Humanitarian Situation

Sudan_humanitarian

The humanitarian situation in Sudan remains one of the most complex emergencies globally, and 4.8 million people are estimated to be in need of humanitarian assistance in 2017. Sudan faces two major overlapping humanitarian challenges: one triggered by new and protracted wide-scale population displacement and another due to climatic and socio-cultural conditions leading to crisis levels of food insecurity and malnutrition. The scale and long-term nature of displacement, especially in Darfur, which has not been matched by economic opportunities, has exposed displaced people to hardship and uncertainty about their future. This is putting an additional strain on the 3.6 million people currently suffering from food insecurity, and the 2.2 million children suffering from acute malnutrition.

In South Kordofan and Blue Nile states, violence has resulted in new displacements in government-controlled areas. In areas controlled by the Sudan People’s Liberation Movement—North (SPLM-N), which humanitarian organizations have not been able to access since conflict started in 2011, the humanitarian situation is reportedly critical.

Instability outside Sudan’s borders increases the overall humanitarian burden, with thousands of people seeking asylum and refuge in Sudan. In total, Sudan hosts some 800,000 refugees, asylum seekers and other people of concern from Central African Republic, Chad, Eritrea, Ethiopia and South Sudan, as well as from Syria and Yemen, and more continue to arrive. Following the outbreak of conflict in South Sudan in December 2013, South Sudanese refugees have sought refuge in Sudan and by early 2017, over 300,000 South Sudanese refugees had arrived in Sudan. It is anticipated that South Sudanese refugees will continue to arrive in Sudan throughout 2017. Refugees are in need of protection and humanitarian assistance.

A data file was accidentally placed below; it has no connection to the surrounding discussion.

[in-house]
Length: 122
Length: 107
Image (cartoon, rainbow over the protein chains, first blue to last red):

As well as conflict and insecurity, humanitarian needs are also driven by poverty, chronic underdevelopment, and climatic factors. For example, some of the highest malnutrition rates are in eastern Sudan – an area free from conflict. Strengthening self-reliance, improving access to basic services and facilitating durable solutions can help address these challenges.


Environmental factors also exacerbate the humanitarian crisis in Sudan, driving displacement and food insecurity. In particular, Sudan continues to experience unpredictable rainfall patterns and desertification that negatively affect the harvest and food supply. In some areas, annual rainfall causes flash-flooding, resulting in temporary displacement and the destruction of homes and livelihoods.

The top priority of the humanitarian community remains to mobilise effective and principled humanitarian response to alleviate human suffering.